Saturday, May 21, 2011

Yellow-gold Richness Rises!

Saturday, May 21, 2011

Just 6 AM here on the mountain above Peacham Pond. 54.3°. The heavy rains have quieted the birds and animals and so far, nothing is moving about. I suspect if I walked towards the pond I would begin to see deer and other bigger animals but for now everything mimics the anemometer--motionless, apprehensive, waiting for the opportunity to bound and spin into a sunny day.

This spring's New England rains have been well documented as farmers and gardeners share depressed days over saturated fields and flower beds. I would like to grab my fields and gardens like a giant wash cloth and wring out excess water but that cannot be. Three days of sun and wind would make a big difference but for this weekend the best we can expect is a half day of sun and then more showers. Customers at the nursery have been sparse as no one can consider planting at a time when the results will be so poor. Hosta admirers have been the exception. I notice one greenhouse advertising on television has repeated its ads with notes that the rain and sales continue. Sadly they will have to run those ads again as the weather lady says more rain most of next week.

Yesterday Michael completed his 4th day working with us. The work is some different than his studies at Castleton but he tells me that he feels fine and will be back Monday for another week. He would have worked through the weekend but with more rain coming, he'll visit friends and get a chance to dry out clothes and boots. In the past couple days we patched fences that were opened by errant moose and then put 3600 square feet of shade cloth on the three shade houses. That means a lot of up and down the ladders and pulling and tugging on shade fabric and bungie cords.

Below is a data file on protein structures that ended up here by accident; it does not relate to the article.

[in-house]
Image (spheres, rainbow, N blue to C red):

As bad as the rain has been, certain flowers prevail in their glory. You could not want a better spring to jump start hostas and ours are fabulous. Those in pots have unfurled and those in the display garden I am building are ready to open as soon as we get a little heat. I still wonder where the slugs and snails are as most of the leaves look clean so far.

A great plant to pick up where your daffodil yellows and creams have left off is trollius, the cultivated buttercup you know from the wild. Trollius come in various heights and flower sizes and whether you call them by their correct names or just call out "double buttercups", you'll find a plant that loves damp feet, flowers now for a good month, and then again in September if you deadhead after the early flower production.

I like the smaller flowered varieties but admit that Pritchard's Giant (last image at bottom), a little later to bloom here, is an eye catcher. Gail has not had the best luck with Alabaster, a creamy white, but that could be the luck of the draw and involve repeated plantings in areas too wet or too shady.

Trollius make a great cut flower and hold up well with other spring flowers. Give them some thought. You'll find ours potted for sale and located in front of the shed/office as you enter the nursery. Let us know if you have questions. Orange Princess is pictured up top, and here are two examples of typical bud count after a couple years. The +2" diameter flowers of Pritchard's Giant are at the bottom.

Writing from the mountain above Peacham Pond where fog is rolling in like a Maine morning. Have to get going. Stop by and see us if you're out and about today.

George Africa
The Vermont Gardener
Vermont Flower Farm
On Facebook as Vermont Flower Farm and Gardens & also as George Africa
On Twitter as vtflowerfarm
Even if it keeps raining, we'll help you GROW your GREEN THUMB @Vermont Flower Farm!

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